It would also be a well-funded election. All candidates would be backed by those industrial houses whose goods they sponsor. We are talking multinational money here, my friends; not something siphoned off for asking questions in Parliament. If Indian politicians think that their elections have become expensive, they should watch what happens when Hutch takes on Airtel in the cricket stakes. I can see advertising agencies, direct marketing firms, opinion pollsters and public relations agencies sprouting up just to get their hands on the additional business. There will inevitably come a point when the BCCI charges a royalty of one rupee for every vote cast. If there is money to be made, you are not going to be able to keep the BCCI out of the loot, no matter whether it is headed by Jagmohan Dalmiya or Sharad Pawar. Business is business.

If things go well, and there is no reason why they should not, cricket-elections could add one per cent to India’s economic growth, thereby enabling the government to fund the rural guaranteed employment scheme and keep the interest rates for pension funds at 9.5%. This would immediately stabilise the coalition government of Dr Manmohan Singh, and ensure that a Prime Minister as clean as him remained in office till 2009. I can see nothing but the pervasive glow of good news in my scheme.

SUGGESTION NO.3: Ramanathan Krishnan should be brought back as captain of the Indian Davis Cup team, possibly along with Naresh Kumar and Akhtar Ali in the squad. The most persistent reason I have heard for retaining the "Mahan Kalakar", as an MP described him, in the team, is that Ganguly was so brilliant.

Indeed he was. There are very few joys in my life as great as watching Ganguly and Sachin Tendulkar in partnership at their best. It was magic. I think it was Dravid who described him as a god on the off-side. Trust me, those of us who have seen Ganguly at his best find it double embarrassing when Shane Bond turns him into a Jumping Jack, and every bowler who can pitch the ball short gets an extra nip when he sees Ganguly at the crease. Any player should hate the thought of television highlighting his follies on the news. It is not a pretty sight. It is also absolutely true that Ganguly was a great team leader once, and deserves every acknowledgement. I am very serious when I suggest that he must be honoured in some way for his talent and his contribution to modern Indian cricket. What he could not handle was decay, which is always slow, invisible to you but obvious to everyone else. The rewards of sport are commensurate with its demands and dangers. The worst wound to a sportsman’s mind is the stab of fear. Once that lodges in your subconscious, it destroys you. Instead of dealing with the problem, Ganguly sought to prolong his sporting life with politics in the dressing room and the boardroom.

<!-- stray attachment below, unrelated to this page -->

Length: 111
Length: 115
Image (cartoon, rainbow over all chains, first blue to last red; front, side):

Indian cricket has been jinxed with its captains. Kapil Dev hung around not for the good of the team but to beat a world record in a tussle between age and utility. Azharuddin needed a disgraceful scam to be thrown out, and brought shame to a game he had done much to glorify. The Sachin Tendulkars who can leave the captaincy because it is hurting their contribution to the team are very rare. When Sachin’s time comes to go, he will not wait to be pushed. He will not surrender the aura around his name for that one series more in which you tip over into an abyss. Even the most emotional of Ganguly’s supporters argues that he should have been treated better because he was so good. The "was" is subconscious but accurate.

No player is bigger than a national team. We have a team today that can over the next two seasons be knitted into a winner of the World Cup in the West Indies. Or we can shred it into pieces, as the West Indies did to their once-phenomenal side.